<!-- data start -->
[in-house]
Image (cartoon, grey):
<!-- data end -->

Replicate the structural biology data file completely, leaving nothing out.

[in-house]
Image (cartoon, grey):